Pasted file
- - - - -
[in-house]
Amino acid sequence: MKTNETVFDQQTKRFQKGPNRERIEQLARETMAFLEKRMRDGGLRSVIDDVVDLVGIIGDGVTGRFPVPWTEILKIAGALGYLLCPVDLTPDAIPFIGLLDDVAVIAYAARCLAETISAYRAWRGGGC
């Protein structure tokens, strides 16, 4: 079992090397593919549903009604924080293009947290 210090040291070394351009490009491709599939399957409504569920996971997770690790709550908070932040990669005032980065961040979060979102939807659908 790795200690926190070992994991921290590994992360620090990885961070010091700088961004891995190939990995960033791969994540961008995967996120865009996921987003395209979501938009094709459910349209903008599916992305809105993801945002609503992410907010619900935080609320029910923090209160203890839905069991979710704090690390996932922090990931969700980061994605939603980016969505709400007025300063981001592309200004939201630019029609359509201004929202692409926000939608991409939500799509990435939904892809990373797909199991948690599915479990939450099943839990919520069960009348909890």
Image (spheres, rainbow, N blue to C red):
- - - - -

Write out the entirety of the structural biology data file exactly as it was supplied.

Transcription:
[in-house]
Amino acid sequence: MKTNETVFDQQTKRFQKGPNRERIEQLARETMAFLEKRMRDGGLRSVIDDVVDLVGIIGDGVTGRFPVPWTEILKIAGALGYLLCPVDLTPDAIPFIGLLDDVAVIAYAARCLAETISAYRAWRGGGC
């Protein structure tokens, strides 16, 4: 079992090397593919549903009604924080293009947290 210090040291070394351009490009491709599939399957409504569920996971997770690790709550908070932040990669005032980065961040979060979102939807659908 790795200690926190070992994991921290590994992360620090990885961070010091700088961004891995190939990995960033791969994540961008995967996120865009996921987003395209979501938009094709459910349209903008599916992305809105993801945002609503992410907010619900935080609320029910923090209160203890839905069991979710704090690390996932922090990931969700980061994605939603980016969505709400007025300063981001592309200004939201630019029609359509201004929202692409926000939608991409939500799509990435939904892809990373797909199991948690599915479990939450099943839990919520069960009348909890």
Image (spheres, rainbow, N blue to C red):